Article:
Miss Annie Parr Headmistress 1930 - 1940

Miss Parr became Headmistress of Tamworth Church of England Girls’ School (TCEGS) in January 1930 and remained in that position until December 1940. Fortunately for the school she was able to provide the strong, wise leadership that guided the school through the difficult years of the Great Depression, years of drought and the outbreak of World War II. Miss Parr’s eleven year long tenure also brought stability to the school, as she was the school’s sixth Head Mistress in just ten years.

Prior to her appointment to TCEGS, Miss Parr was Senior Mistress at St Margaret’s Anglican Girls School in Brisbane. This school was established by Anglican nuns belonging to the Society of the Sacred Advent, with whom Miss Parr had a long association. The Society strongly believed that one of the best gifts that we as a society can give young women for an empowered future that contributes to the common good, is an education. Miss Parr exemplified this belief by first gaining her Bachelor of Arts degree through the University of Queensland and then by employing staff at TCEGS, who shared this belief and the same strong Christian values.

Miss Parr was an innovator. It was she who established the House system at the school and introduced the school hymn, both designed to raise the spirit and sense of belonging among the girls. The school magazine, The Tamworthian was another initiative of Miss Parr. It too has proved an invaluable adjunct to developing and maintaining interest in the school among current and past students.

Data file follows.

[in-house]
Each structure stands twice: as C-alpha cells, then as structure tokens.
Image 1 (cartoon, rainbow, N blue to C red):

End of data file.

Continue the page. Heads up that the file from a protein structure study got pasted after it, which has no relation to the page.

Miss Parr introduced the system of bursaries to help capable and deserving children in the difficult times brought about by economic depression and prolonged drought. The family of the first recipient, Ella Barwick, have been strong supporters of the school, ever since. Many other deserving families have been able to experience the long term benefits of a Calrossy education, because of this initiative introduced by Miss Parr.

During her tenure enrolments increased slowly but steadily from 31 children in 1930 to 78 by 1937.  Some of this expansion can be attributed to another of Miss Parr’s innovations, that of a separate kindergarten with a specifically trained kindergarten teacher. The school could not afford to pay the teacher so Miss Parr paid the salary for seven months herself and it was another five years before the school was able to repay her for that outlay. Miss Parr also used her own money to improve the school grounds to make them more pleasant for her students, many of whom were boarders.

The eleven years of Miss Parr’s leadership were years of optimism for the school’s future particularly after 1935-36, when TCEGS came under the auspices of the Diocese of Armidale, making its financial future more secure. The school expanded by leasing the large home, ‘Prinsted’ (1934 -1937) to provide extra classrooms and facilities until the 1937 building was completed (now the Senior Studies and Careers Centre). Increased staff and student numbers also encouraged the school to buy the cottage now known as Fairbrother House in 1937.

There is scant information about Miss Parr before she came to Australia. What is known is that she had lived an interesting and successful life. She was a fluent linguist and was employed as governess to Princess Ileana, daughter of King Ferdinand 1 of Rumania and his wife, Queen Marie, granddaughter of Queen Victoria. They conversed in French as the Princess did not speak English. During World War 1 in England, Miss Parr served with distinction in the Voluntary Aid Detachment (VAD), a voluntary unit of civilians providing nursing care for military personnel in the United Kingdom. Her work was recognised by the awarding of a medal by the King.

This information is kindly prepared by the Calrossy Anglican School Archives Department who we thank for their efforts and continued support.